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A ‘design-thinking’ approach to governing the future

With the U.S. Presidential Election around the corner, never before has digital exerted such a strong influence on each and every vote. Politicians are communicating with voters around the clock via social media, creating an immediacy and intimacy that has changed the nature of interactions between politicians and the people. With digital natives joining junior ministerial ranks, and more senior politicians joining the digital conversation, government bodies are under increasing pressure from all sides to digitally transform the notion of public services.

Archaic, inward-looking government departments and legacy systems are being phased out to allow room for flexible, citizen-centric digital solutions, as a way of increasing citizen engagement, while simultaneously boosting speed and efficiency and lowering costs. This is the era where technology is in service of the public good, enabling a new form of citizen empowerment.

{mosads}’Design-Thinking’ the Citizen Experience

Government organizations are starting to realize the benefits of digital transformation to reinvent the citizen experience in the form of digital services tailored to individual needs. However, public service leaders are finding that as they move further into the digital age, they need to re-orient their internal organizations around this paradigm shift, or their investments in digital are likely to fail. This is where Design Thinking comes into play.

Design Thinking has become a proven approach to reimagining complex service or organizational issues in the private sector. This approach of user research, rapid prototyping, constant feedback and experimentation is starting to take hold in leading business, like Citrix Systems, Ebay and Google, and is slowly spilling over into government bodies.
Challenges to Adopting a Design-Led Approach

Success in implementing Design Thinking depends on disrupting embedded organizational beliefs and practices, including cultural shifts, changing attitudes toward risk and failure, and encouraging openness and collaboration. Specifically, government bodies need to consider:

  • Top to bottom support – any change as wide-ranging as the shift to Design Thinking requires support from the top. Those at the top of design-led organizations need to be experimenters, improvisers and networkers who lead by example and set the tone for change on the ground.
  • Design skills gap – talent to execute innovation is in short supply and few governments are in a financial position to outbid private sector firms on pay. But the public sector does have something to offer that private companies most often do not: the ability to do meaningful work for the public good. Public sector bodies also need to upskill their current employees – at times partnering with outside design experts.
  • No risk, no reward – for government agencies, it can be challenging to embrace a culture of trial and error. But Design Thinking is useless without Design Doing. Agencies need to recognize the benefits of agile prototyping, iterating and optimizing processes, and that failings early on can save millions while costing little.

What Can Government Bodies Do to Change?

Digital has paved the way for governments and the private sector to occasionally partner to solve thorny challenges. For instance, the White House brought together the U.N. Refugee Agency and crowdfunding platform Kickstarter to raise money for the Syrian relief effort. The weeklong partnership raised nearly $1.8 million for more than 7,000 people in need.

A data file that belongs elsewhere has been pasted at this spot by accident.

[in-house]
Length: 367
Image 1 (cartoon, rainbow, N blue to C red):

But to effectively communicate with today’s digitally-enabled citizens, there are several key principals government bodies must follow:

  • Plain and simple – use simple language focused on content, structure, navigation, grouping and completion. Strip away the bureaucratic, government-speak and be transparent.
  • Take an outside-in design approach – by considering the entire ecosystem, and using research to uncover insights, service design reveals an outside-in view of the people in the entire ecosystem.
  • Be sensitive – too many government services, tools and processes are opaque and cumbersome when dealing with sensitive issues, such as immigration, making a tax submission, or adopting a child. Fjord recently took a human-centered design framework to the State of Michigan by designing a system that allowed caseworkers to convey the fairness of a child support order, while delivering excellent customer service and increasing transparency and accuracy to families in the midst of an emotionally-charged separation.
  • Work to digitize processes and services across departments – Governments should look to organize their digital services around the needs of the people – whether they are starting a business, retiring or having a child – rather than around their own departmental structures.
  • Address privacy concerns – The assurance of privacy and security is a critical step to encourage adoption of digital channels.

Dawn of a New Governing Age

A desire to change is rising among many government organizations, as they realize the old ways of citizen outreach are unsustainable. People want convenience, speed, simplicity and a tailored experience that’s relevant to them and their situation. Design Thinking must be at the heart of this shift and will be critical to long-term success in delivering the public service for the future.

van der Merwe is Group Director at Fjord Design and innovation from Accenture Interactive


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